“However, sifting the ones actually affected by over-voting from the many affected by the many clerical errors, one is left with very few pink sheets whose results will not impact positively on the outcome of the overall results. I will therefore dismiss the claim on account of this ground.”
Voting Without Biometric Verification
Tackling the petitioners’ claim on voting without biometric verification, Justice Baffoe-Bonnie said, “The nation spent a lot of time and energy registering eligible voters biometrically,” adding, “There appeared in the political landscape the popular slogan “NO VERIFICATION, NO VOTING.” C.I.75 Reg. 30(2) this slogan.
“Be that as it may, constitutionality or otherwise, all the parties went into the general election with the understanding that no verification, no voting. The whole concept of biometric registration and verification before voting had been introduced as a way of reducing to the barest minimum if not eradicate completely, the incidence of claims of double voting and impersonation that crop up after every election.
“Indeed at one of the numerous press conferences, the electoral commissioner made it clear that at the end of the polls, where the votes cast exceed the number of persons verified to vote by even one vote, the results of the said polling station will be cancelled.
“The petitioners have tendered quite a number of pink sheets on which this question had been answered with figures and even sometimes figures reflecting the total number of voters who cast their ballots in that polling station, indicating that every person voted without being verified by the biometric devise.”
Justice Baffoe-Bonnie said that the respondents agreed that the slogan NVNV was actually coined for the election and was indeed used, adding that they had argued that nobody voted without being verified by the BVD.
“I do not think that the petitioners failed to discharge the burden placed on them. As was said in the beginning, like in any civil action, the petitioner bears the burden of proof.”
He said the onus was therefore on the petitioners to prove that some voters voted without going through the BVD.
“We are told that the BVDs still have embedded in their memories data reflecting the number of voters that were actually verified by each machine. These devices are still in the custody of the 2nd respondent. One would have thought that the memories of the BVDs could have settled this problem. But they never felt it necessary to tender them in evidence.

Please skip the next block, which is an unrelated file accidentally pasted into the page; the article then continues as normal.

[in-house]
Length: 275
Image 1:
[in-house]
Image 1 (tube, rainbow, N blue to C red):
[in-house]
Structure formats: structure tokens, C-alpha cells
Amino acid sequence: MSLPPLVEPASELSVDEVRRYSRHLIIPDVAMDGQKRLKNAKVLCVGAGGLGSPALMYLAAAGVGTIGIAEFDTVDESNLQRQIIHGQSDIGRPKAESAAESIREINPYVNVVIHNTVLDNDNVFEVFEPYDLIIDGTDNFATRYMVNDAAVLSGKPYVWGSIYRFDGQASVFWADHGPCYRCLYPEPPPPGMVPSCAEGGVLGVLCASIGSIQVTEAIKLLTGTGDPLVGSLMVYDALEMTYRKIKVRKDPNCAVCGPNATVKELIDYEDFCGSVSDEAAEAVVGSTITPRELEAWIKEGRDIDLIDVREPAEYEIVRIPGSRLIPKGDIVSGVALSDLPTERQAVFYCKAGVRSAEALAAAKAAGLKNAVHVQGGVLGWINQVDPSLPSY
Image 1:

“In the absence of any credible explanation, it is my opinion that the petitioners have discharged the burden of proof placed on them. In spite of the agreement on the NVNV, and despite Reg. 30(2) of CI 75, some people were allowed to vote without verification. Viewed against the backdrop that some people were actually prevented from voting because they could not be verified, to have allowed voting in some polling stations was discriminatory and should lead to cancellation of their votes.
“I will therefore uphold the petitioners claim on this ground only to the extent that those voters that have their votes cancelled should have the chance to recast their votes lest they be disenfranchised.”
“I dismiss the petitioners claim to annul votes on account of claim of duplicate serial numbers as frivolous,” he said, adding, “I dismiss the petitioners claim that votes should be declared invalid on account of the non-signing by the presiding officer. To disenfranchise hundreds of thousands of voters (through no fault of theirs) because a presiding fails to sign will not have a place in modern democratic governance.
“I uphold the principle that once over-voting is detected in a polling station the elections there are compromised and should be cancelled but the voters there should be given a second chance to cast their votes.
“However, I find that in view of the admissions made by the 2nd petitioner with regard to some pink sheets and the many clerical errors, I find that the number of pink sheets affected in this category has so reduced that the votes affected are not too significant to make any impact even if they are cancelled. I dismiss the claim on this ground too.
“I hold that the petitioners have discharged the burden of proof on them that voting took place in some polling stations without prior biometric verification. This was discriminatory since other persons had been turned away for their inability to be verified. All those stations affected by this phenomenon should have their votes cancelled and the voters given a second chance to vote again.”